So the Letter to the Hebrews is not accepted as authentic?
The Letter has had an interesting history.
Initially, it seems it was always anonymous, and because of that, it was not immediately accepted as canonical. Eusebius (c325) classed it as antilegomena
(Gk. spoken against, or disputed). It gained acceptance primarily because of its theology.
Really it was only much later that it started to be attributed to Paul, perhaps in an attempt to provide apostolic pedigree.
As Origen observed, Hebrews "does not exhibit the characteristic roughness of speech or phraseology admitted by the Apostle [Paul] himself, the construction of the sentences is closer to the Greek usage, as anyone capable of recognising differences of style would agree. On the other hand the matter of the epistle is wonderful, and quite equal to the Apostle's acknowledged writings: the truth of this would be admitted by anyone who has read the Apostle carefully... If I were asked my personal opinion, I would say that the matter is the Apostle's but the phraseology and construction are those of someone who remembered the Apostle's teaching and wrote his own interpretation of what his master had said. So if any church regards this epistle as Paul's, it should be commended for so doing, for the primitive Church had every justification for handing it down as his. Who wrote the epistle is known to God alone: the accounts that have reached us suggest that it was either Clement, who became Bishop of Rome, or Luke, who wrote the gospel and the Acts." (This is Origen quoted by Eusebius in The History of the Church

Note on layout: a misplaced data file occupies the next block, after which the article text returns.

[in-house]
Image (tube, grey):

As for the author?
Among various contenders – Clement of Rome, Barnabas, Paul, Luke, Apollos, or his teacher Priscilla.
For no good reason I can argue, I favour the idea it was written by Priscilla, scholars date it around 64-65. Priscilla, along with her husband Aquila, were active from very early, contemporary with Paul, and instructors of Apollos. It may well be that her authorship was suppressed because she was a woman.